It is unlikely that Beth Goetz expected to the acting Athletic Director at the University of Minnesota. Even more unlikely that she would have to deal with a Title IX investigation and the resignation of Jerry Kill. Nonetheless, Goetz has performed well so far, and her background and skills make her a strong candidate to be the permanent Athletic Director.
President Kaler has indicated that finding a new Athletic Director is the most important priority for the department, even before hiring a new football coach. On the one hand, this seems odd. Football is the most important sport for the U, and there are a number of recruits waiting to see who will be the new coach. Perhaps as important, the recruits will also wonder about the longevity of their recruiters and position coaches.These are good points, but they are shortsighted.
Absent a permanent AD, football coaches will be wary of taking the job. Being a football coach at a Power 5 university is about politics as much as X's and O's. Coaches need to believe that the Athletic Director supports them, which would be difficult if the Athletic Director that hires them is different than the Athletic Director they end up working under. For Minnesota, in the midst of a major fundraising campaign, permanency at the top is essential for trust. Lest we forget, the University of Minnesota is a public institution, and any hiring process will have to go through procedural checks.
Why Goetz then? After all, there are likely many qualified applicants. I have never hired an athletic director (or anyone for that matter), so am being the definition of a blogger when I make this statement. Even so, I think that if Goetz wants the job, she should be considered the top candidate for three reasons. First, Goetz has the necessary experience to be successful in the job. Second, Goetz has an in-depth understanding of the department and the its challenges. Third, Goetz has the necessary demeanor to face the upcoming challenges to the department.
Goetz came to the University in March 2013. Prior to her arrival, she was an associate athletic director and senior woman administrator at Butler University. Basketball at Butler is like football everywhere else, so Brad Stevens opinion that Goetz is a rock star should carry some weight. The same word was used by her boss Barry Collier and the woman who hired her, Alfreeda Goff, the recently retired Horizon League senior associate commissioner. In Jason Gonzales's article for the Star Tribune, Collier is quoted as saying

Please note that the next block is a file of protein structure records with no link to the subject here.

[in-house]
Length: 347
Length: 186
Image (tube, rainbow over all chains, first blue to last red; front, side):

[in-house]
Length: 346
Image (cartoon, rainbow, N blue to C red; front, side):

I think she enables people to be successful," said Collier, who hired Goetz at Butler. "She doesn’t have an agenda other than accomplishment and having the kind of program that the folks in Minnesota would be proud of. … [When I heard the news today] immediately I thought the Gophers are in good hands.
Current and former employees speak to her competence, integrity, and skill set. That skill set is sorely needed for a department reeling from scandal and beset with multiple challenges. Here too, Goetz's experience would serve the department well. At Butler, she was responsible for all aspects of compliance and eligibility, and oversaw Title IX reviews.
Continuity in the department is an underrated quality. Here, I should note that Goetz's lack of knowledge about Teague's behavior may or may not be problematic. Should she interview, I hope there will be she will be posed tough questions. Still, it is clear that Goetz both understands the challenges facing the department, and what her role needs to be to meet them. She has consistently spoken about her first priority being closing fundraising on the new athletics village. Goetz has been visible at football practices, and discussed the importance of building a relationship with the football program. I expect that to continue in her role as an interim, and beyond if she is hired.
Goetz has received rave reviews from inside the department. Hugo McCutcheon, John Anderson, Marlene Stollings, and Michele Redman have all gone on record about her character and demeanor for the job. Indeed, it's difficult to find any quote about Goetz that does not heap praise on her abilities. Necessary skepticism says that people are unlikely to speak ill of a former colleague in public, but the degree of continuity between praise is indicative of her competence.
The most important quality in administrators are competence and leadership. Goetz's experience speaks to her competence. Those who have worked with her speak to her leadership skills. Should she want the job, it is hard to believe there will be a better candidate.